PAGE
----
makehistory - tools to recover Usenet history database.

     makehistory [ -A oldtmp ] [ -a active ] [ -b ] [ -f filename ] [ -i  ]  [
     -n ] [ -o ] [ -r ] [ -s size ] [ -T tmpdir ] [ -u [ -v ] ]


     Makehistory rebuilds the history(5)  text file and the  associated  dbz(3)
     database.   The  default  name of the text file is <config$_PATH_HISTORY>
     (typically /var/news/etc/history); to specify a different name,  use  the
     ``-f''  flag.   Makehistory  scans  the active(5)  file to determine which
     newsgroup directories within the  spool  directory,  <config$_PATH_SPOOL>
     (typically  /var/news/spool/articles,) should be scanned.  (If a group is
     removed, but its spool directory still exists,  makehistory  will  ignore
     it.)  The program reads each file found and writes a history line for it.

     After the text file is written, makehistory will build the dbz database.


     -A   If the ``-A'' flag is used then the argument given is  the  pathname
          makehistory  can  use  to  store  a copy of the history file as it's
          being built. It will be appended to, so existing data  will  not  be
          lost (and so should be valid history entries).

     -a   If the ``-a'' flag is given then the argument is the active file  to
          use  rather than the default one of <config$_PATH_ACTIVE> (typically

     -b   If the ``-b''  flag  is  used,  then  makehistory  will  remove  any
          articles that do not have valid Message-ID headers in them.

     -f   If the ``-f'' flag is  used,  then  the  database  files  are  named
          file.dir  and  file.pag.   If  the  ``-f''  flag is not used, then a
          temporary link to the name history.n is made and the database  files
          are written as history.n.pag and history.n.dir.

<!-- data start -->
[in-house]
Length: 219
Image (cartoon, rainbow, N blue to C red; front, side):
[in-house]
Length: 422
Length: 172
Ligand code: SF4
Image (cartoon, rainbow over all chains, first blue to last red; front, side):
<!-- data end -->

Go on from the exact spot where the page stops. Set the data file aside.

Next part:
-o   If the ``-o'' flag is used, then  the  link  is  not  made  and  any
          existing history files are overwritten.  If the old database exists,
          makehistory will use it to determine the size of the new database.

     -i   To ignore the old database use the ``-i'' flag.   Using  the  ``-o''
          flag implies the ``-i'' flag.

     -s   The program will also ignore any old database if the ``-s'' flag  is
          used  to  specify  the  approximate  number  of  entries  in the new
          database.  Accurately specifying the size is  an  optimization  that
          will  create  a  more  efficient  database.  (The size should be the
          estimated eventual size of the file, typically the size of  the  old
          file.)   For  more  information,  see the discussion of dbzfresh and
          dbzsize in dbz(3).

     -u   If the ``-u'' flag is given, then makehistory assumes that  innd  is
          running.   It  will  pause  the server while scanning, and then send
          ``addhist'' commands (see ctlinnd(8) ) to the server for any  article
          that  is  not found in the dbz database.  The command ``makehistory\